In verses 1 and 2 God speaks of Himself in relation to the nation. Being their God, He assumes the responsibility for their care and keeping. This special providence demanded, upon the part of Israel, loyal obedience. These things are implied in the introductory verses.
In verses 3-13 the Lord made a wonderful promise that He would bless Israel abundantly if she would only be faithful to her covenant obligations. A careful study of these records shows that, if she had been true to God, she, in her own land, would have enjoyed a Utopia; for there would have been no droughts, no pestilences, no invasions of the country by an aggressor, and never a shortage of food. In other words, Palestine, to an obedient Israel, would have been "Paradise Regained"to a certain extent at least.
On the other hand, the Lord solemnly warned the nation that, if she should not be obedient to Him, He would punish her severely. Moses warned them of four strokes of judgment in the event they should be disobedient to Him. The first is mentioned in verses 14-17; the second is given in verses 18-20; the third is found in verses 21-22; and the fourth one appears in verses 23-26. A careful study of these warnings shows that each stroke was to be more severe than the one preceding.
If Israel, after having been punished as described in these verses, still persisted in disobedience, the Lord threatened to remove her out of her land and to deport her to a foreign country. This prediction is found in verses 27-33. Above the central line on the chart, one sees an arrowdouble-headedon which the notation, "vss. 27-33," is written. One portion points downward to the Babylonian captivity while the other one points forward to the calamity of 70 A.D., when Jerusalem fell and Israel was scattered among the nations. These verses speak of the chastisement which came at the time when Nebuchadnezzar invaded Palestine and also when the Romans under Titus likewise overran the country. The description of these two events blends into a single picture of indescribable horrors.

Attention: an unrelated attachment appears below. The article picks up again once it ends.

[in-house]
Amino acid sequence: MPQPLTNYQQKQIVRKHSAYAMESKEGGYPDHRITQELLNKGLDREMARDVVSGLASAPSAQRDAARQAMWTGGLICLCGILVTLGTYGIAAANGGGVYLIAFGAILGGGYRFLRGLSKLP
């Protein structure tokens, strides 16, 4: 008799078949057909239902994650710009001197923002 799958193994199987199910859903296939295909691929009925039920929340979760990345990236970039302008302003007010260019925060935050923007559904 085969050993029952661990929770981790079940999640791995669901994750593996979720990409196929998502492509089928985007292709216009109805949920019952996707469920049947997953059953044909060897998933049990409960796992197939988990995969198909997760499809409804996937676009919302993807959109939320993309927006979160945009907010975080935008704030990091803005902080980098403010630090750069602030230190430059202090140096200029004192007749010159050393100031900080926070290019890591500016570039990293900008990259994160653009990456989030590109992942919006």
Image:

On the second arrow is written "vss. 34-39," which passage undoubtedly speaks of the condition of the Land while Israel is scattered among the Gentiles during the Christian Dispensation.
The third arrow points to the end of the Tribulation. Upon it is written "vss. 40-45," which appear at the right side of the chart above. These verses foretell that Israel in her scattered condition will be brought to the point where she will confess her own "iniquity, and the iniquity of their fathers in their trespass which they trespassed against me," etc. Thus in the year 1942-plus, the remnant of the people, scattered now among the nations, will make the confession of their national sin, which was committed by the fathers when they were still in the Land, and on account of which crime they were thrown out and scattered among the nations. They will also confess their own share in this same national transgression, in that they have assumed the same attitude as that taken by those who committed the wrong. Moses did not tell us what this national sin was. Isaiah in his famous servant passage has given a full statement of it.
Just before the death of Moses, when Israel was encamped in the Plains of Moab, this great servant of God delivered his farewell messages to his beloved people. In Deuteronomy 28 he covered the same ground which was traversed in Leviticus 26, but here he enlarged greatly upon it. I invite the reader to notice the analysis of this chapter beginning with verse 36 to the close.